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Ask An Eastern Orthodox Christian: Appealing to a Cynic

Ask An Eastern Orthodox Christian: Appealing to a Cynic

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What would you like to know about the Eastern Orthodox Christian faith? Submit your question.

By Nicholas Damascus

Is there a version of the faith that appeals to a modern cynic? I highly admire the solidarity and family cultural protection of the faith. I also can see, similar to Buddhism, the idea of a co-operative attitude toward science. Is there a version that incorporates this with an Alexander Peresvet war practice and allows for more primal native faith practices as seen with the Peruvian San Pedro (sacred plant) shamans?

As I understand, a cynic could be defined as an idealist, yet perceiving life and the world around him with a skeptical attitude.  He sees mankind only motivated by selfish ambitions and desires, like those that proselytize a form of prosperity gospel or drive through theology.   In the Eastern Orthodox Church, our faith is not of this Way.

Let me first begin by pointing out some facts.  The Center for the Study of Global Christianity at Gordon-Conwell Theological Seminary estimated there are 43,000 organized Christian denominations as of 2012, most of them formed in the last and present centuries.

Global Christianity

A majority of these Christian denominational faiths profess to be the one true church yet missing many crucial cornerstones of the original faith.  The ancient church provided and defined a means to directly receive the healing energies of God by participating in the life of the Holy Spirit of God within that church.  Some of these mysteries are the Eucharist, Baptism, Chrismation, Confession, Holy Unction which Christ and the Apostles established and gave their lives for.

Many Christian religions are born in the minds of men often resulting in a set of rules that one must follow to gain entry into the Kingdom.  An example of this approach is found in Scholastic theology.  This theology attempts to define and understand by intellectual and philosophical means the Revelation of God to man, falling short with its limited use and meaning of finite words of infinite Christian constructs.

One can state that a “religion” is the search for men to find God, however true Christianity is God pursuing man to reveal Himself to us.  He brings this to our attention and tells us this in the Gospel of John.

John 14:6 says, “I am the the Way, the Truth and the Life.”

For Eastern Orthodox, Christianity is NOT a religion.  It is a way of life about one’s personal relationship with Christ and all of mankind.

Authentic Christian spirituality comes from noetic perception in the heart, the center of consciousness.  Saint Paul says that you are the temple of the Holy Spirit (1 Cor 6:19) and it is there that the Holy Spirit of God brings Christ to reside in this temple within you (Gal 2:20).  It is here in this presence of Christ where we encounter Him and receive divine revelation, illumination, healing energies, and deification (sanctification).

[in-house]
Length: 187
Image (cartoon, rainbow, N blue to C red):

Christ doesn’t live in our minds; He lives in our hearts.  It is there that Christ imparts a knowing,” a level of consciousness higher than reasoning and deeper than the emotions.  This knowing is not a rational cognitive process of thinking.  It is an instant knowing, experienced in man directly from God (Gen 3:22).

One must understand that in the Christian walk is at best described as a work in progress and not an instant state of perfection by declaration or adoption.   It is not about scoring enough points by following a set of rules to slide into heaven.  It is a journey of personal transformation of oneself into what we were designed to become, what God is by nature through His grace and mercy.

In Romans 12:2 Saint Paul says, Be transformed with the renewal of your nous (heart).   The New Testament was written in ancient Koine Greek, and the word is nous, not as translated in bibles today as “mind.”

The teachings of Christ and the Apostles were never meant to be other than how and why we should love God and one another as much as we love ourselves, ultimately freeing ourselves from our prison of self-centeredness.

Love is not an action that we take off the shelf and use in any given situation or event.  Love is what man has been designed to become. Christianity may be defined in a statement of belief in the mind, but to synergistically experience it is in the heart where the experience is higher than reasoning and deeper than emotions.

So if you want a faith that is not from man but of God, then I would direct you to further reading of: “What is Orthodoxy?

Nicholas Damascus

About Nicholas Damascus

Nick Damascus is one who seeks to discover and apply the proverbial question of what is truth and wisdom, to fill that gaping hole, to become complete and to become realistically and synergistically functional. In an attempt to live the Christian life, which he says is a definite work in progress, he has discovered that he's created the Christ that fits his lifestyle and agrees with his ego (and boy what an ego, he says), carefully avoiding what God intended him to be.

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